A joint team of European scientists digitally recreated essential area of rat brain, which may soon help other researchers encode the entire human brain into a computer model. The feat is the work of 82 neuroscientists who have been on this project, dubbed “the Blue Brain,” for more than a decade.
The team disclosed that they were able to generate the most accurate digital model of the brain of an animal ever created. The reconstruction encompasses 30,000 neurons and nearly 40 million of synapses from a rat brain part, which is no larger than a third of a millimeter.
Henry Markram, the lead researcher involved in the project, now hopes that the recent feat may convince European authorities to resume the controversial Human Brain Project (HBP), a $1- billion-plus program designed to create a simulation of the entire human brain.
Yet, critics claim that the attempts to simulate the brain is a waste of time and money
“There is nothing in it that is striking, except that it was a lot of work,”
recently said Zachary Mainen, a neuroscientist from Lisbon, in Portugal.
Other researchers also received the paper with criticism when they learned that scientists digitally recreated essential area of rat brain. The dispute, however, was ongoing for more than a decade. The HBP was recently contested by 800 scientists, who signed an open letter to the European Commission to halt the project. They argued that digitally encoding the human brain was too complex for current technology, plus, the project was poorly managed.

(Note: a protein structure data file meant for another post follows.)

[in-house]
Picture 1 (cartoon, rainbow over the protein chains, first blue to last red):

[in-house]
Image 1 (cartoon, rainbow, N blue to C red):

Critics also said that the Blue Brain project (BBP) engulfed a lot of money and produced little to no results. But Markram said that the recent paper may finally do the project justice.
Markram’s team was able to recreate on a computer the sensory cortex of a lab mouse. The cortex helps the animal move its hind limbs. Researchers had to first perform thousands of measurements of neurons and the electrical signals they were emitting.
Based on that data, the team recreated 55 different types of neurons to which they added more virtual brain cells and up to 200 million synaptic connections, which tie neurons together in a dense network within the brain tissue.
But the final model ended up with 37 million synapses after scientists adjusted the simulation through an algorithm that calculated just how many contact points neurons may need to properly function within such a small piece of brain tissue.
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